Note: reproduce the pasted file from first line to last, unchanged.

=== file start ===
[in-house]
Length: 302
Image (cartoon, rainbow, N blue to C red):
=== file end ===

[in-house]
Length: 302
Image (cartoon, rainbow, N blue to C red):